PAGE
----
Black women in the United States and Africa are at an increased risk for preeclampsia. Allelic variants in the gene for apolipoprotein LI, APOL1, are found only in populations of African ancestry, and have been shown to contribute significant risk for kidney disease. Recent studies suggest these APOL1 variants also may contribute risk for preeclampsia.
The association of preeclampsia with carriage of APOL1 risk alleles was evaluated in a case-control study of deliveries from black women at a single center in Cleveland, Ohio that included gross and histopathologic evaluations of placental tissues (395 cases and 282 controls). Using logistic regression models, associations between fetal APOL1 genotype and preeclampsia were evaluated using several case definitions based on prematurity and severity of preeclampsia, with uncomplicated term pregnancies as controls. Associations between APOL1 genotype and pathological features were also examined.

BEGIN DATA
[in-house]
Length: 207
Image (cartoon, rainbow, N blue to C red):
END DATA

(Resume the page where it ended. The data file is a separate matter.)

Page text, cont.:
The infant APOL1 genotype was significantly associated with preeclampsia in a dominant inheritance pattern with odds ratio of 1.41 (P=0.029, 95% CI 1.037, 1.926). Stratifying preeclampsia cases by preterm birth, significant associations were detected for both recessive (O.R.=1.70, P=0.038) and additive (O.R.=1.33, P=0.028) inheritance patterns.